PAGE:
The outcome of a triple assessment for a breast lesion dictates the surgical therapy that ensues. In some circumstances, the preoperative assessment may yield inconclusive or indeterminate results thus requiring an excision biopsy to confirm the histological diagnosis. Where a lesion is preoperatively proven to be benign, decision to excise the lesion may be due to patient preference, the size of the lesion (e.g a large (> 2cm) fibro adenoma) or suspicious clinical features. Both approaches involve an excision of the target lesion with minimal disruption of surrounding normal breast tissue.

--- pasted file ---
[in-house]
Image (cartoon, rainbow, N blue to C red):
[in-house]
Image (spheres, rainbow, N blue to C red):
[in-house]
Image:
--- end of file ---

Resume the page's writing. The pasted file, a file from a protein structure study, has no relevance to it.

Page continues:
Indications for an Excision Biopsy/Lumpectomy
- Excision of a proven benign lesion due to:
- Patient preference
- Large lesions resulting in a cosmetic defect
- Suspicious clinical history
- Lesions with indeterminate or atypical histology (B3) on preoperative assessment (e.g ADH, ALH, ductal hyperplasia of usual type) or suspicious clinical features.
- Presence of a radial scar (associated with the presence of atypia or malignancy).